For US voters, the good news is that President George W. Bush and Sen. John F. Kerry are finally engaging in a concerted argument about what the nation's next steps in Iraq should be.
The bad news is that their descriptions of Iraq's current situation are so far apart they sound as if they're talking about a different country.
In any case, debating whether the US needs to send more troops, or ask for more NATO involvement, may be somewhat beside the point. It's true that the next president, whoever it is, will have important choices to make in regards to US policy. But in Iraq the US may now simply be riding a tiger. The most important American actions to come may be those taken in response to events which have yet to occur.
"There is a real question whether the course of events there can be influenced by anything the US does," says Ivo Daalder, senior fellow in foreign-policy studies at the Brookings Institution.
With election day now less than six weeks away, it seems increasingly likely that Iraq, and the general issue of terrorism and security, will be the hinge on which the vote swings.
Senator Kerry will undoubtedly make forays into the territory of domestic issues, particularly healthcare and jobs. But with his pointed speech Monday, in which he judged Mr. Bush's policies harshly, Kerry served notice that he will try and reframe the Iraq debate on his own terms.
President Bush has "misled, miscalculated, and mismanaged" virtually everything about the conflict in Iraq, Kerry charged.
Bush himself, on the other hand, continued with his "steady as she goes" message in his speech to the UN Security Council on Tuesday.
"Today, the Iraqi people are the path to democracy and freedom," Bush said.
To some extent Senator Kerry has already tried, without notable success, to attract more voters with comprehensive Iraq critiques. The difference this week is that he used notably stronger language, and all but said that if he had been in charge in 2003 he would not have invaded Iraq when Bush did.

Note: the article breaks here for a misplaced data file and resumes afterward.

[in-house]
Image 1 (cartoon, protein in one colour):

In addition, Kerry combined criticism of Bush's past actions with his own prescriptions for the future. As he has previously, Kerry said that Bush should immediately take steps to repair alliances, accelerate the creation of Iraqi security forces, move faster on reconstruction, and ensure elections.
But for Kerry the problem here is that to some extent these are all things that the Bush administration is trying to do.
For instance, it's possible that NATO allies would be amenable to sending troops to Iraq in support of a President Kerry, but at this point, given the opposition of their own publics, that still looks unlikely. And President Bush has been trying, so far unsuccessfully, to cobble together a UN security force to guard the election infrastructure for Iraq's scheduled January vote.
Furthermore, the administration is already trying to accelerate the creation of Iraqi security forces - witness this week's proposal to Congress to switch $3 billion from reconstruction to security programs.
Kerry has provided some details about how he might achieve his broad goals. He proposes to open up redevelopment of Iraq's oil industry to other nations, for example, as a way of winning more security and reconstruction aid.